Do you remember when “lyric videos” would be uploaded to an artist’s official VEVO account by their label, mainly when the song was from a new artist that might not have been big yet to secure funding for an actual music video? Either that, or the label was simply following the trend of just having a cheap video of floating text set to the song, just to have it up for people to know the lyrics?
Except now, more and more lyric videos are being made by full production companies and even have directors – the same kind of treatment actual music videos get. All of which, most importantly, can be a testament to the power of the internet and how it’s changing the music industry
On a similar note, Ke$ha recently released her brand new single, “Die Young”, which is off her sophomore album, Warrior (out December 4th via RCA Records), and has released a rather sleek-looking lyric video for the song as well.
The lyric video, below, was apparently produced by The Uprising Creative and it was directed by Darren Craig, according to The Examiner, and features the singer walking out of a Japanese subway station and a myriad of shiny graphic effects transitioning over clips of the lyrics written on some woman’s body (assumed to be Ke$ha) and clips of the singer, herself, singing the words.
Now, even just a video meant to promote the song’s release, and act as tool to know the lyrics for fans, is a huge social media and marketing tool, which makes it seem that, due to the internet, people run through songs quicker than ever, shortening the lifespan of any Top 40 hit. Society, itself, is consuming media at a very quick rate, as seen with how many heavily anticipated songs released now will reach their sales peak in iTunes months before hitting their radio peak and, in many cases, weeks before the music video is even released.
To maximize success, quicker means of an accompanying video could be used to keep interest in the song and to make it as though there’s some kind of visual out there to keep the public entertained. For a record label, this prospect is definitely appealing, especially with how costly and time-consuming even just setting up and preparing a music video shoot is.
Meanwhile, the song itself is Ke$ha by-the-numbers in the best possible way. It’s a bit of a grower, and takes a little time to warm up on you like anything just a little too sugary sweet for its own good, but will lead you into chanting the anthemic chorus along with everyone who is just a bit too wasted at the bar or club or party and feel like scream-chanting such lyrics as:
“I feel your heart beat to the beat of the drums / Oh what a shame that you came here with someone / So, while you’re here in my arms / Let’s make the most of the night like we’re gonna die young”.
The promo campaign for such an important comeback single, such as “Die Young”, is also proving to be extremely interesting, and telling of how the web has changed how songs perform, like how RCA Records is taking advantage of online mediums and video.
Even before the song premiered, Ke$ha’s team uploaded two previews that went viral. Both were set on a Japanese subway and featured Ke$ha both whistling the melody to the song’s chorus, and also (very loudly) singing the song’s chorus to an uncomfortable group of subway passengers. The latter can be seen below.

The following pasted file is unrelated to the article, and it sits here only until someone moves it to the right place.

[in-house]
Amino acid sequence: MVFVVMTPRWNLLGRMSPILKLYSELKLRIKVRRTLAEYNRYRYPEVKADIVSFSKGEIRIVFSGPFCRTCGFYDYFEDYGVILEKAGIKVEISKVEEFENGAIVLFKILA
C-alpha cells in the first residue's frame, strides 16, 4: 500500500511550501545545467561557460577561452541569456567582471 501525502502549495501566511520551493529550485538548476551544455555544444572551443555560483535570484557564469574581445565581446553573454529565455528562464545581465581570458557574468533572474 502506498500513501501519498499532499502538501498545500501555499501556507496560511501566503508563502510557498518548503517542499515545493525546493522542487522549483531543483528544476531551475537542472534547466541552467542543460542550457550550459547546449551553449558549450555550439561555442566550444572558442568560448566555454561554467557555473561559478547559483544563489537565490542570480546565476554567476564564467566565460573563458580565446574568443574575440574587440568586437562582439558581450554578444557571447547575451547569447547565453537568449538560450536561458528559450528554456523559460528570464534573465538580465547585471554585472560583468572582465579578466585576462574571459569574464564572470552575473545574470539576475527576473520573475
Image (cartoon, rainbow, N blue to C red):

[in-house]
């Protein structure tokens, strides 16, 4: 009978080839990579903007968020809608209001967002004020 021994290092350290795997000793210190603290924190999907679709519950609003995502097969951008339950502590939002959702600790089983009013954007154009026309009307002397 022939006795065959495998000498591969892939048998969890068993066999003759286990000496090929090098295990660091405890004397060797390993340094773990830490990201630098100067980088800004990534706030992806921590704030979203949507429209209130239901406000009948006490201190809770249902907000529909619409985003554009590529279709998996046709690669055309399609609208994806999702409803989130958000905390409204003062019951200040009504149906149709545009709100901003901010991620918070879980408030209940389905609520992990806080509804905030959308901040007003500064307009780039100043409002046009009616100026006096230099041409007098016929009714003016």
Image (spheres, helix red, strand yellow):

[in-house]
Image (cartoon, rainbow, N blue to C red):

In fact, these two videos created, arguably, more buzz about the new single than when Ke$ha made the official announcement on the red carpet of this year’s MTV Video Music Awards. It seems like you can no longer simply tell people – you must ‘show’ them news.
Also, more than ever, the music industry has to deal with the way technology and globalization has revolutionized (some would say it’s for the worse, but ‘eh’) and connected people to new music. Some complain about the problems of illegal downloading, but could an increased rate at which people consume media be also influencing that?
Many young people feel that purchasing music can be difficult with how quickly they consume songs and just how much they consume. Why buy a song you’re going to have overplayed in a couple of days and will be “old news” in just five days?
It’s like trying to understand a musical economy. By switching to mp3s, the overall value of music, to many, has been decreased. Even Lady Gaga has said an album’s worth of mp3s shouldn’t cost a music listener more than a couple of cents..
This trend has, ultimately, led to some amazing and creative lyric videos though. One personal favorite is the lyric video for Neon Hitch’s latest single, “Gold”, which features rapper Tyga, but only a bored Neon, in the video, getting creative with the art of finger-painting, which you can watch below.
Realistically, it seems now that the music industry must make our purchases worth it. Give us more with the song, even in terms of just what we can consume: remixes, lyric videos, music video, acoustic performances, etc.
We’re in the age of the musical value meal, and these lyric videos feel much like the ‘free’ bag of chips thrown in with our meal, but when every place is giving away free chips, you have to make sure your chips are essentially the best and most appealing chips people could get. Soon, there’s more effort going into the chips than the actual meal
What are your thoughts? Do you find that music videos often premiere far past when a song interested you? Do you watch lyric videos? Do you think they’re as important as music videos for the current music industry? Share your thoughts in the comments section.